The Peaceworks Mapping Communities project is an attempt to address apathy at the very basic level in the youth by understanding the nature of change, and what role the youth can play in our societies today, when their mindsets are still being former, and they tend to be financially and emotionally dependent on parents, their immediate peer groups and educational institutions. Some of our most fundamental attitudes toward political issues, engagement with the society at large and our belief in our ability to create an impact is formed while we are still in school, where our values are shaped by our education, through mass media, through our peers. It can be a transformative period, or one of isolated reality. Sumona Chakravorty conducted a month-long session at Lakshmipath Singhania Academy with 21 students of the 9th grade, taking them through various classroom activities using the art and craft, and discussions that encouraged out-of-box thinking. The focus was primarily on exposing the students to various types of changes needed in the world, and what are the various protest cultures that have emerged internationally to address the want for these changes. The students although from the same classes of a school realized how vastly different their belief systems are, and how different approaches can be taken towards issues that they consider important. But most importantly, the facilitator took them through a process where they learned to cooperate and work together: wanting social change is universal, but how we approach the issues may vary so there needs to be constant learning and reevaluating of our goals in context of the reality.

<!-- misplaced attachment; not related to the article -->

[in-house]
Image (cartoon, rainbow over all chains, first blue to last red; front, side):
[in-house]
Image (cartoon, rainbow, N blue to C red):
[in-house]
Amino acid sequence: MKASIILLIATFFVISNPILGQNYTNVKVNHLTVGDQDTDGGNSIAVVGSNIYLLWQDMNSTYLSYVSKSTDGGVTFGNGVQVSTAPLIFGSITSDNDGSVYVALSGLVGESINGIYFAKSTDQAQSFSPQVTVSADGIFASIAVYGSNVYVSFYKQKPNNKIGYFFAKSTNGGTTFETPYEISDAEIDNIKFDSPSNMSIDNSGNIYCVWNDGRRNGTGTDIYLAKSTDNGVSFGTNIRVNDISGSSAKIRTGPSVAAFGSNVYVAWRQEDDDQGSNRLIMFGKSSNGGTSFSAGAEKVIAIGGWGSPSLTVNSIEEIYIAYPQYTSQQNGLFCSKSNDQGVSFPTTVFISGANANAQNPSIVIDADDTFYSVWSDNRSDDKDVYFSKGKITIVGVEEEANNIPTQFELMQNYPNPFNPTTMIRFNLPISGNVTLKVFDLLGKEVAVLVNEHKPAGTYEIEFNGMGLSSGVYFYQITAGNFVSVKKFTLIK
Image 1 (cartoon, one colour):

The students started by focussing on a very limited cause in terms of understanding “change” wanting “air conditioning” in their classes because they felt that the heat distracted them from their studies and affected their concentration levels. They centered their core campaigns on these issues, and made presentations on what their campaign was about. Some of them depended extensively on social networking as a tool for bringing awareness to their cause but the facilitator made them realize the short-comings of such a tool, and the value of group work and leadership. Because of the time constraints, the workshops suffered from a lack of depth and the time given to the participants to fully introspect, work on a plan and then analyze the results. The creation of ‘manifestos’ was again a very interesting exercise but carried out in a hurried manner because of the lack of time. The greatest achievement of the workshop was, as expressed by a student, that it instilled in the children a sense of keenness to engage with the outside community and the desire to go beyond the comfort levels of everyday life for achieving their goals. That barriers will always be there but the effort must always be constant.